# Acute Asthma Exacerbation
-- ABCs: does the patient need to be intubated? concerning features include RR>30, HR >120, pulse Ox <90%, hypercapnia, accessory muscle use, inability to speak in full sentences, AMS, silent chest
-- Chart Check: PFTs, home regimen, fill histroy, prior exacerbations and intubations
-- Admission Criteria: unable to control with usual home regimen
-- HPI Intake: timing, rescue inhaler use, night-time awakenings, access to meds, new meds, sick contacts, prior exacerbations/intubations
-- Can't Miss: hypercarbia, tiring out, need for intubation
-- Admission Orders: *** CBC, BMP, CXR, VBG, consider RVP
-- Initial Treatment to Consider: *** If severe with impending respiratory failure, duonebs q20, methylpred IV 60-125mg, Magnesium IV 2g q20 minutes, and transfer to the ICU; If in ICU, methylpred 125mg IV q6, Mg IV 2g q20 minutes, continuous albuterol nebs, consider BIPAP trial if desperate to avoid intubation (not great data that this helps)
-- History: *** timing, rescue inhaler use, access, new meds, sick contacts; PFTs, home regimen, prior exacerbations and intubations, code status,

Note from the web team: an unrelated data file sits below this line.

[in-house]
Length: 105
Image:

-- Clinical: *** fevers, URI sxs, cough,
-- Exam: *** general appearance, WOB, wheezing, cough, AMS
-- Data: *** PEF, CXR, WBC, RVP, VBG/ABG
-- Etiology/DDx: *** infections, exercise, cold, smoke, allergens, drugs (ASA, NSAID, BB)
The patient's HPI is notable for ***. Exam showed ***. Labwork and data were notable for ***. Taken together, the patient's presentation is most concerning for ***, with a differential including ***.
-- f/u CBC, BMP, RVP, CXR
-- Monitoring: VBG q ***
-- O2: currently ***, continuous pulse ox with goal >90%
-- Bronchodilators: duonebs q ***; albuterol alone once improving; stack them 3x (q20 minutes) per hour if concern for impending respiratory failure
- Steroids: prednisone 40mg daily vs. methylpred IV 60-125mg for 5-7 days
-- Consider Magnesium 2g, q20 nebs
-- Consider IVF for insensible losses ***
-- Teaching: inhaler technique, trigger avoidance, symptom recognition, care plan
PDF coming soon!
When patients present with an acute asthma exacerbation the standard of care is duonebs, steroids, and O2. Be fearful of a blood gas not suggesting respiratory alkalosis from tachypnea (would see low pH or rising PCO2 - implies worse retaining and that the patient is tiring out). Check on their home regimen - ICS-LABA is the mainstay of outpatient management, and you can update the regimen for patients who have not been seen in the outpatinet setting in some time and are still prescribed just albuterol rescue inhaler. It's okay to to diagnose people clinically with asthma, but being diagnosed as an adult is very rare.